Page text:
Without postulating a common ethical bond implicit among all human beings, how might one go about criticizing such behaviors? Matteo seems to accuse relativists of overplaying their hand: the cultural distinctiveness of different groups of humans, developing in different parts of the world to meet different needs, rightly resists outside pressures toward Weberian de-differentiation, the transformation of every corner of the world into a reflection of Western, technocratic-consumerist society. Matteo is explicitly aware of this oft-brandished counterargument to any suggestion of universal ethical precepts, and seems to support (at least by acknowledging as probably inevitable) the continuation of such diversity. However, it is possible to respect other cultures while also championing universal moral truths. “But, if human nature explains the large scale ethical similarities among communities, why are there ethical differences? Can those committed to moral realism provide a more plausible account of such differences than relativists?” (69).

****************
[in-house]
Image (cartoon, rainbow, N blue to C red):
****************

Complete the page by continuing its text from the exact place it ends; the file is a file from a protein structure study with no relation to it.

Matteo’s answer to this question is threefold. First, communities can, and at times do, fail in their ethical duties. The child prostitution business in East Asia offers a stirring counterexample to the relativist pronouncements that situate morality within socio-historical consensus. Second, Matteo turns to the question of universal versus particular conceptions of human beings. Ethical relativism falls flat in the face of the dehumanization of the enemy “other.” If ethics are relative to time and place, there is no remedy for such atrocities; relativists cannot even offer a consistent basis for moral indignation. Matteo’s third point reveals the source of confusion in relativist thinking: “The justification of a belief is relative to historical and social context, but not its truth” (71). After all, as Matteo points out, people once thought the earth was the center of the cosmos. “Earlier generations were no doubt justified in believing that the earth was flat and located at the center of the solar system, but they were nonetheless mistaken. Given what is known today, it is impossible to hold such beliefs” (71).